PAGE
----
comedy theaterThere’s nothing quite like live theater.  It is an intimate and almost magical experience shared with fellow playgoers.  And there’s nothing better than attending live theater for almost nothing.   For savvy theatergoers, some new services have arrived on the Internet that help you get seats for next to nothing.  The only catch:  it’s last minute — you can’t get reserved seats.   But if you don’t mind a last-minute theater experience, read on.

Free theater is nothing new — wealthy corporations or benefactors have made free theater available for decades, such as Central Park’s Delacorte Theater.   (There are similar Shakespeare-in-the-Park festivals elsewhere in Washington, San Francisco, Los Angeles, and many other cities, large and small.)   However, these shows are hard to come by and often there are strings attached.    However, the Internet has made low-cost or free theater more accessible to theater goers.   Often, theatrical productions want to fill seats in order to create the appearance of a “full house”, as well as make the theatrical experience a fuller one for its guests and cast.    A day or two before a performance, productions will make free tickets available because their advance sales are…..well, not as robust as they’d hoped.   This is when opportunity opens its stage door to sharp consumers.

One national service that offers such last-minute free tickets is Fillaseat.  Since 2009, it has made unsold tickets available to consumers in Las Vegas, Phoenix, Southern California and some major Texas cities, including Dallas, Houston and San Antonio.  It works on a subscription basis;  for anywhere between $40-80 per year, you receive notice of local shows that are offering free tickets.

Other local discount outlets are beginning to offer similar “paper the house” arrangements.   San Diego Performing Arts League offers free tickets through its “Paper the House” offering and in Los Angeles, Plays 411 offers the same.   Plus,  some theatrical productions are using discounts through social networking, such as specials offered on Twitter and Facebook, to fill unfilled seats.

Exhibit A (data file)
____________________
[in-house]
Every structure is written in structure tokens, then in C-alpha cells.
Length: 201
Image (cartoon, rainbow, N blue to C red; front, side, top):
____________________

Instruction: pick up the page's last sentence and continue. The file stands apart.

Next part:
Another strategy for low-cost or free tickets focuses upon local colleges.   College and university drama departments, (especially ones with graduate programs in directing) regularly present low-budget or no-budget productions directed by students, and sometimes by faculty directors as well. Usually these “workshops” or “lab productions”  are not widely advertised, but you can usually find out about them by looking on your local drama or theatre department bulletin board. Some of these shows, though amateur, are outstanding. While the actors are not yet professionals – some might very well be in the coming years, and you can say you “saw them when.

Other freebee possibilities are often listed on Goldstar.com and Theatremania.com. These are generally for professional productions at small theatres around the country which, seeking to build audiences for little-known (but sometimes very exciting) plays, are willing to give away tickets for the first two or three weeks of the play’s run – hoping to get word-of-mouth advertising that will bring in paying crowds in the coming weeks or months.

While many New York playgoers are familiar with discount tickets through TDF  (also known for its TKTS Booth at Broadway and 47th Street in the center of the New York Broadway theater district), there are other cities that have similar discount ticket services. They generally offer discounts from 20% to 50% (most often the latter) for a small service charge.  The tickets are released daily by theatres that estimate that the seats would otherwise be unsold.  Other nonprofit discount services include:

  • AtlanTix at the ‘Underground Atlanta’ Visitor Center in that city, check it out at com
  • HotTix at 72 East Randolf and at the Water Works Visitor Center in Chicago; check at com
  • ArtsTix at Horton Plaza in San Diego; check at http://www.sdartstix.com
  • TixBayArea on Union Square in San Francisco, check at org
  • TICKETplace at 407 7th Street, NW in Washington, D.C.; check at http://cultural-alliance.org/index.html